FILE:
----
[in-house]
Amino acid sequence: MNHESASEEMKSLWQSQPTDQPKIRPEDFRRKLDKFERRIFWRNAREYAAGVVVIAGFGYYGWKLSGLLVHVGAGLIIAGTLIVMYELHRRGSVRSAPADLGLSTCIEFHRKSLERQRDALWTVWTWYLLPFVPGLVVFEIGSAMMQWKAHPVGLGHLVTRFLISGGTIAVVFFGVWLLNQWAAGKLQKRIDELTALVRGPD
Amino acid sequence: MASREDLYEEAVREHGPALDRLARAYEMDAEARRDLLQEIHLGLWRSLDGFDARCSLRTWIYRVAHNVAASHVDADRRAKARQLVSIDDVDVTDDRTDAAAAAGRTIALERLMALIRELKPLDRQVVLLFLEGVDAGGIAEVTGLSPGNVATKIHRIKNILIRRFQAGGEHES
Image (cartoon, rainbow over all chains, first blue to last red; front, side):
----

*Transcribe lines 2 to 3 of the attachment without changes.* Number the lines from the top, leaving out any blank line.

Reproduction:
Amino acid sequence: MNHESASEEMKSLWQSQPTDQPKIRPEDFRRKLDKFERRIFWRNAREYAAGVVVIAGFGYYGWKLSGLLVHVGAGLIIAGTLIVMYELHRRGSVRSAPADLGLSTCIEFHRKSLERQRDALWTVWTWYLLPFVPGLVVFEIGSAMMQWKAHPVGLGHLVTRFLISGGTIAVVFFGVWLLNQWAAGKLQKRIDELTALVRGPD
Amino acid sequence: MASREDLYEEAVREHGPALDRLARAYEMDAEARRDLLQEIHLGLWRSLDGFDARCSLRTWIYRVAHNVAASHVDADRRAKARQLVSIDDVDVTDDRTDAAAAAGRTIALERLMALIRELKPLDRQVVLLFLEGVDAGGIAEVTGLSPGNVATKIHRIKNILIRRFQAGGEHES